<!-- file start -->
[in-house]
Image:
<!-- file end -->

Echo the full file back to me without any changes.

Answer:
[in-house]
Image: